Silky, smooth and rich, this dark chocolate gelato is the perfect way to cap off a special meal.
Is there anything more sublime than gelato? That delectable Italian ice cream, with its silky texture, is my idea of heaven. Frankly, I’ve been remiss in not making it before now.
I admit I had no idea of what gelato was until I toured Italy in the 1980s. Used to the creamy, aerated texture of regular ice cream, eating gelato was a revelation. Relying more on milk than cream, and often with less eggs, it tastes like a frozen (but not too frozen) milkshake. Without all that cream, gelato is richer in flavour and denser in texture than ice cream. There are a multitude of flavours available – some of my favourites tend to be the light fruit flavours like lemon, lychee and watermelon.
However, just sometimes you ache for something rich and velvety like dark chocolate. This double chocolate gelato recipe from BBC Food certainly does the trick. It’s incredibly easy to make, yet tastes like the real deal. I used 62% cocoa chocolate which made for a slightly bitter dark chocolate flavour. If you’re not a fan of that level of bitterness, you might opt for a 50% cocoa chocolate instead, or simply pair it with something sweet, like meringues, as I did.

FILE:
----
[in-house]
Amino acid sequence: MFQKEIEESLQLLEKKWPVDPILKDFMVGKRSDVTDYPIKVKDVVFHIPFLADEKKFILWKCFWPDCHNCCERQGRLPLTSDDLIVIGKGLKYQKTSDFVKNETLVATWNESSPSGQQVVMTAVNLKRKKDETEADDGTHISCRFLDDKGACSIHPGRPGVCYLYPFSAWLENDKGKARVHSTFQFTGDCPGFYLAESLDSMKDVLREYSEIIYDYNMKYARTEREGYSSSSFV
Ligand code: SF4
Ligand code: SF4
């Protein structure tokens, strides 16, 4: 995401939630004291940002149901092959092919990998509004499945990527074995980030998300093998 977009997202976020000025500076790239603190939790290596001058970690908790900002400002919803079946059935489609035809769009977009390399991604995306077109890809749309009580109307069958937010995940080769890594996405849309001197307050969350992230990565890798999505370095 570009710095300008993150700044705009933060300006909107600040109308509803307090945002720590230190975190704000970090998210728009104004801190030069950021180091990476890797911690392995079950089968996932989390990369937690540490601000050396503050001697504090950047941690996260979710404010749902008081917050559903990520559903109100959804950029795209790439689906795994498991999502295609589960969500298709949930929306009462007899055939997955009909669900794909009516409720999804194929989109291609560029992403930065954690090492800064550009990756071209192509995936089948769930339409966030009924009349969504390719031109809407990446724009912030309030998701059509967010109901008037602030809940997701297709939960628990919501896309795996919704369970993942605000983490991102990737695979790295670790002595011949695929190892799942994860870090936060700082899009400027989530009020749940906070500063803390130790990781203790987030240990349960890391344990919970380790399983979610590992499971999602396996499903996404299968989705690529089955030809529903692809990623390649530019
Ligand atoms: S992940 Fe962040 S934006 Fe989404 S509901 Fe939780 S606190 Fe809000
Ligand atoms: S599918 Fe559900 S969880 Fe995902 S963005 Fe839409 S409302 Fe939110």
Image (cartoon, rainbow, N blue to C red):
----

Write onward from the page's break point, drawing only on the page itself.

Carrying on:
While I used an ice cream machine, you can make it without – the instructions are below for both. And just be aware, once frozen, gelato can take a while to soften up so bear that in mind when serving. Ideally, it’s meant to be served at about 15 degrees Fahrenheit.
Now that I’ve broken the ice (pardon the pun) and made my first gelato, I fully intend to try making a bunch of ’em this summer. I’m salivating already!
Click HERE for my version of this recipe.
I'm Susan - food lover from the best little country in the world - New Zealand. I'm an 'accidental' cook who fell into it, hook, line and sinker when I turned the big 5-0. Not exactly sure why it happened; perhaps some previously defunct piece of DNA came good. Anyhow, I'm making up for lost time and spending countless hours in the kitchen cooking up a storm. Desserts are my Archilles heel, followed closely by good old-fashioned baking - it's good for the soul; not so much for the waistline!